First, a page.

Bowling legend Allan Donald believes Steve Harmison's fear of the highest stage could have put paid to his Test career.
England take on South Africa in the first Test at Lord's on 10th July - in a clash being shown live on Sky Sports 1 - but the Durham paceman will be missing.
It is a massive fall for a player who was the Word's Number One bowler at one stage of his career but is struggling to re-capture that form.
Donald was England's bowling coach last summer when Harmison admitted being 'dead scared' to bowl against the West Indies at Old Trafford.
And the former South African bowler - who now helps Warwickshire's bowlers with his expertise - believes it will be difficult for Harmison to come back.
He told the Daily Mirror: "I've never seen a bloke as low as Steve was during that Manchester Test against West Indies.
"When he came off the field he admitted he was dead scared. He was scared of letting the ball go and he soon realised that Michael Vaughan could not turn to him.
"He had to go and dig very deep in that second innings and he did. As a result he saw a friend of his, a psychologist, who got into his ear and he bounced back and got better.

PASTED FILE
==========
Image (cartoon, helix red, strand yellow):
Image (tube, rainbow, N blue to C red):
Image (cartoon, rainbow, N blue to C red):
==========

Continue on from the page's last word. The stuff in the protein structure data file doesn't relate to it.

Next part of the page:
"Sometimes I feel that there is a fear of being on that massive stage. It could be.
"Does he know and fully understand how he became the world's No.1 bowler? Or did he just bowl?
"I had my doubts as to whether Harmy really understood how he had got there. That's why inconsistencies creep in."
Donald believes current South African paceman Dale Steyn will also feel pressure in the up-coming Test series similar to that Harmison experienced - and how he deals with it will be crucial.
He added: "Dale is in the same position as Harmison was and has made amazing progress to be the most talked about bloke at the moment. As a young guy he was a bit of a spray gun.
"But does he understand why he is there? When you're world No.1 you have to realise how you got there. When the pressure comes and you are searching for form, that's when you work out how you got there."